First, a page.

How We Move: Dynamical Systems Theory

How We Move: Dynamical Systems Theory

Dynamical Systems Theory is the concept that the human organism has an inherent tendency for coordination and that movement patterns emerge through constraint-led self-organisation.

Now that is a mouthful, so let me break that down into its components. First constraints:

Constraints are barriers that limit the system from engaging in optimal organisation. The three types of constraints are: constraints of the organism itself, of the environment, and of the task being performed. A common example that everyone can understand is that of balance. Balance includes the physical components of joint mobility, muscle strength, tendon stiffness and subsystems such as the vestibular system, somatosensory system, proprioception, and sight. The constraints that affect our balance as organisms could be anthropometrical such as height and weight, environmental such as weather or surface, or task oriented such as side stepping or landing on one foot.

Now an important side note:

The way we determine an appropriate movement response for a given context is through something called “perception-action coupling”. Keeping that same example of balance, you may visually identify a patch of uneven ground approaching while walking then your perception of that information constrains your movement response i.e., potentially to adjust course and walk around the hazard, or step over it. That chosen movement response then generates new information to be perceived and subsequently acted upon, this process continues cyclically, constantly. See the depiction below.

 

Perception-Action Coupling

Now, the second part of that “constraint-led self-organisation” thing:

Self-organisation is the process of these constraints allowing a movement pattern to form. When information cannot be properly identified it will place an inappropriate or false constraint on movement. For example, if an individual misperceives the height of a step on a staircase, their subsequent action will be inappropriate and cause them to catch their toe on that step.

This leads nicely into a key idea of “functional variability”:

Functional variability is critical for regular people and athletes to have, as it allows for adaptation to these unexpected constraints that stem from misperception or misinformation. Functional variability allows for effective movement patterns to still emerge from those situations. This is one of the most important “X factors” for an athlete to possess as it allows them to thrive in situations where someone else may fail purely because they misperceived the information presented to them.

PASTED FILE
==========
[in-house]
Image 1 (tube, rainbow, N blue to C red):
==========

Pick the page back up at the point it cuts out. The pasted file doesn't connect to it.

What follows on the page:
So how does any of this relate to strength training or coaching?

Coaches are responsible for manipulating these constraints to provide the required stimulus to facilitate desired adaptations. A reminder that the three forms of constraints are constraints of the organism, environment, and the task at hand. For ballistic or traditional resistance training, environmental constraints are controlled by well, the environment. The environment typically remains constant in a gym, especially during a given movement. The athlete then has their own inherent organism constraints that a coach would be unable to manipulate effectively. However, coaches can manipulate constraints of the task at hand. Manipulating these constraints is particularly useful when regressing or progressing movements. For example, when teaching a squat to someone who can’t place their centre of pressure within their midfoot, using a box or wall in front of their knees or behind their back can force the proper shift of centre of pressure by constraining the movement by using the environment. Now it could be debatable whether this example is an environmental or task constraint. However, I argue that we are actively constraining the task as an environmental constraint typically encompasses the uncontrollable such as weather, surface, opposition etc.

So next time you’re struggling for inspiration when coming up with an exercise or training plan. Think about the goal of the movement. What is the purpose? Why are you doing it? Then consider how you can constrain an existing movement pattern to best achieve that goal and purpose.

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